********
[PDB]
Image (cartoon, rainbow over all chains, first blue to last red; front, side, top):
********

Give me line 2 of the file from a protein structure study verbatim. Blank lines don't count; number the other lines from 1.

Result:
Image (cartoon, rainbow over all chains, first blue to last red; front, side, top):